Shania concludes, “With the education I gain from my program, I hope to give back to my community by supporting elders. I want to find a position that helps elders feel seen and heard. Our community needs our elders; elders educate the next generations by passing down knowledge and wisdom.”  
Graduate Student – Marsha Uutela

Marsha, a member of the Menominee nation, is the daughter of George A. Walter and Elizabeth A. Waupoose. She is a 2000 graduate of Reuther Central High School in Kenosha, WI. She is currently pursuing a master’s degree in Business Administration at St. Norbert College in De Pere, maintaining a 3.90 cumulative grade point average. 

Marsha earned a bachelor’s degree in Business Management in 2015 from National University. She has worked in the Menominee Tribal Department of Administration for over 5 years. Marsha has led special projects for the tribe including the coordination of the Menominee Leadership Academy, a professional development program for supervisors and managers. She has been responsible for managing two federal grant programs aimed at addressing the opioid epidemic facing the community by developing a unique initiative to partner social workers with police patrol units to provide immediate help to individuals, children and families in crisis. 

Marsha currently manages the Ya̅cehta̅wak program via the Menominee Tribal Police Department (MTPD).  The Menominee word means, “They change their ways for the better.” The program is getting individuals into treatment who suffer from substance abuse, whether they have a warrant or not. Marsha states, “We cannot arrest our way out of this. These individuals need help now, not later. We provide the participants and their families the resources and financial assistance to get them through their difficult time.” 

She is also very involved in the community. She shares, “I love to get involved in the community because I want to give back to my people and to the land as they have given us so much.” She volunteers with various departments such as the MTPD annual golf outing and annual softball tournament. She helps to raise money for the National Night Out Against Crime” and “Shop with a Cop.” She volunteers to help with the Veterans of the Menominee Nation annual golf outing and the Historic Preservation annual Lumberjack Breakfast. She often is seen with her sons, engaging them in giving back to the community, as well. 

Marsha keeps the mission, vision, and value statements of the Menominee tribe in the forefront of her decision making: The mission of the Oma̅e̅qnomenewa̅k (People of the Wild Rice) is to promote, protect, and preserve our rights, resources, and culture by utilizing responsible leadership and judicious exercise of our sovereign powers. We envision the Oma̅e̅qnomenewa̅k as a strong, healthy, and proud nation living in accordance with its culture and beliefs, and possessing the resources necessary to be successful in achieving our goals. As Oma̅e̅qnomenewa̅k, we value our children, elders, and each other, preserving our language, tradition, history, and culture.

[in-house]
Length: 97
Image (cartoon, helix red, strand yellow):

It is Marsha’s passion, drive and commitment to better herself in order to be better for her sons, family, as well as for her people and community. Marsha shares, “I have mentors, colleagues, and family who I look up to and are amazing examples of who I want to become. These individuals illustrate what a leader should be, how a leader should act, how a leader should take things into consideration and always look out for others in a business and personal sense. They push others to succeed and to follow their dreams. They see more potential in me than I see in myself, so that makes me want to pursue my education even more than I already do. They encourage me to adapt to change, embrace a challenge, think outside the box, further my understanding, to be a better listener and person, look at things in a different perspective, and to believe in myself. These characteristics are what makes them successful leaders in my life and the community. I hope to achieve my goals and objectives by continuing my education.” 

Marsha adds, “Thank you WIEA for giving me the opportunity and assistance to better myself by furthering my education.”  
Graduate Student – Courtney Windorski

Courtney, a member of the Menominee nation, is the daughter of Forrest and Renee O’Kimosh of Keshena. She is a 2000 graduate of Menominee Indian High School. She is currently pursuing a doctoral degree in Business Administration with an emphasis in Organizational Leadership at Northcentral University, maintaining a 3.58 cumulative grade point average. Courtney previously earned a bachelor’s degree in Health Administration in 2009 from the University of Phoenix. Beyond going to school and working with youth on the Menominee Reservation, she works full-time as the Child Support Administrator for Shawano County. She has 3 daughters and 1 granddaughter that she cares for, spending much of her family time outside camping, fishing, hunting and gathering. 

Courtney has long held positions in the leadership aspect, both on and off the Menominee Reservation. Through her professional endeavors, she has learned many things about guiding people to new levels of success. As a leader, she strives to be a better listener and coach to the people who look to her for guidance. 
She is a member of the National Society of Leadership and Success Chapter at Northcentral University and has completed a rigorous leadership training program through the organization. She attended many hours of training focused on teamwork, goal setting, high achievement, leadership skills and styles, self-motivation and accountability. Through many hours of hard work and going through a national review process, Courtney is now certified in leadership training.